Even small business’ like bars are creating Facebook accounts and friending customers, people in the area, etc. Take for example the Scotland Yard™ in my hometown of St. Charles, IL with 710 people on its friendslist and growing everyday. They make jokes in their status messages, they comment on peoples activities, photos and give feedback. They of course also remind everyone about special events at the bar. This costs them nothing but some time, and brings back massive return. People love having this kind of relationship. Which bar do you think they are going to go to this Friday night?

Never in business history has it been so easy for companies to reach out to people. Imagine what a company had to do to reach 50,000 people for an ad 100 years ago… it was almost impossible and would have cost dearly. 50 years ago even it was cost prohibitive; Having to run expensive radio ads in multiple cities or even more expensive TV ads.

Don Draper and Kids from Mad Men watching TV in the Living Room
TV Marketing got huge in the 60s as shown in the TV show Mad Men

Even 20 years ago with mail, radio and tv it would’ve have involved many man hours, tons of design and work and had to be budgeted for. Although then you could reach 50 million. Yet it would still take weeks. Now companies can spend 1/1000th of that cost and reach 500 million within the span of 24 hours. This is nothing short of awe-inspiring.

Most companies believe a website is enough. Some even think a website with static content is enough. Very few companies understand the power of Social Media Networks and only a few limited companies throughout the world even have a Social Media person (much less a department) in their Sales/Marketing division.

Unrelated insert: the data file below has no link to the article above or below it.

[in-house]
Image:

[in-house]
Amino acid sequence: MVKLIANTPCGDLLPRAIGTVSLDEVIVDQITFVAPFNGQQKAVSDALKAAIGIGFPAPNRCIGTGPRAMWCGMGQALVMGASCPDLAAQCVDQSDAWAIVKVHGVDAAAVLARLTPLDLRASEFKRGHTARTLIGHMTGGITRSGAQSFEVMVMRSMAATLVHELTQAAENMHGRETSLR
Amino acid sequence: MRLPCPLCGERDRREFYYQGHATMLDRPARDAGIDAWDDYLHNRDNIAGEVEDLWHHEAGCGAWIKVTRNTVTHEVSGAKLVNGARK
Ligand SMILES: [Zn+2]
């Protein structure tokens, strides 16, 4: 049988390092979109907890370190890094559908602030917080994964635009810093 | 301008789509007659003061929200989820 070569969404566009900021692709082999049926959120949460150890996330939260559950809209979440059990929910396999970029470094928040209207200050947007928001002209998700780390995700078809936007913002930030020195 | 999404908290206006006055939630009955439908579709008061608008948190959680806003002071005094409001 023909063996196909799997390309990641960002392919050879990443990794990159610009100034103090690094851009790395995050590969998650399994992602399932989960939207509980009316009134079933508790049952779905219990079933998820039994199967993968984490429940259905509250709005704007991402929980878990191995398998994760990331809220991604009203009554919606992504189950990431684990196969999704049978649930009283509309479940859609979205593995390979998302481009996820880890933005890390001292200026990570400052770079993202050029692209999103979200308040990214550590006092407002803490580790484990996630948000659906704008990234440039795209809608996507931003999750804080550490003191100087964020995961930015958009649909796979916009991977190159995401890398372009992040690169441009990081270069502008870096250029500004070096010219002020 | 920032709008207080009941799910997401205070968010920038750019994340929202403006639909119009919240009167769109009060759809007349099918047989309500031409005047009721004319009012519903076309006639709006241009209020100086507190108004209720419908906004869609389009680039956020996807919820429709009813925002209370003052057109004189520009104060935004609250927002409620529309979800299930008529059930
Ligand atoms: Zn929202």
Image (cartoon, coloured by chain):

Think I’m exaggerating? Let’s take a look at my friend Jim who has started and owned several telemarketing companies over the years. Every single one (until the latest iteration, of which I am a part of) was based around the idea of calling people and interrupting them (hence: interruption based marketing).

No one likes to be interrupted.

Yet even so, 30 years ago the close-to-call ratio (closing is a marketing term which is short for “closing a deal“) was surprisingly high with a good “closer“. As the decades have passed with the rise of the do-not-call era, a fundamental shift has occurred in how people respond to telemarketers. The close-to-call ratio has dropped significantly. Now a good closer can hope to get PI or π (you know, 3.14) which is another term for 1 close per 3.14 hours.

Obviously different campaigns differ on expectations, however, overall, it has become obvious that soon the day will come when no-one will answer the phone, and those who do will not buy.

We, as a business society, are barely on the cusp of this new marketing era, and for those who realize its potential now, their place shall be all the much stronger once everyone else wakes up and realizes that interruption based marketing is dead.